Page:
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  1. #1
    SplitEar's Avatar

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    Default Printing a photo (VERY fine halftones)

    Hi!

    I'm about to embark on attempting to screen print a photo.
    Starting simple, single colour (Black & white photo, with the substrate being the white, black being the ink)

    I have just upgraded all my equipment, currently running a Lumitron vacuum exposure unit and using Permaset Aqua water based inks.

    Registration isn't an issue, it's mainly making the screen i'm thinking of.

    I was hoping i could get some tips?

    So far, i get my image, greyscale it then bitmap it AFTER i've made it acetate (film) size, this leaves me with incredibly fine halftones (1x1px), i've adjusted the dot per line number to try and make it more manageable, but to get as close to photo realism, i'm doing it at 100 dots per line, 300dpi on an A2 document (7000px tall)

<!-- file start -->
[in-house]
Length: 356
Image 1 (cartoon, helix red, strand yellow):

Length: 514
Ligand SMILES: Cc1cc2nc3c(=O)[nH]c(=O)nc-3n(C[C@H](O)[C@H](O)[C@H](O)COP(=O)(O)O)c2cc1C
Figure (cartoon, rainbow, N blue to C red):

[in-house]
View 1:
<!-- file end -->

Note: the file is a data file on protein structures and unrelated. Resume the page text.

I'm using a 71t screen (BRITISH numbers)

    I am wondering if there is anything i need to consider more?
    If anyone has any tips for this to go more successfully than i am anticipating?

    I can provide the image, bitmapped if anyone would like.

    Thank you.
    -Alex

  2. #2
    Premium Member
    Andymac's Avatar

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    Default

    71t is 180 weaves per inch?

    100 lpi halftone won't probably expose. a 25-35 lpi halftone, maybe 45 on that mesh

    If you want to try for 100lpi halftone, I would switch to 380 or better 420 weave mesh (165t?), use a proper process ink, quite possibly switch to UV ink if you really want to do it.

    there's a whole bunch of other shit that goes along with printing extra fine halftones in screenprinting.

    I would get a lot of beer before you start printing, you will need it.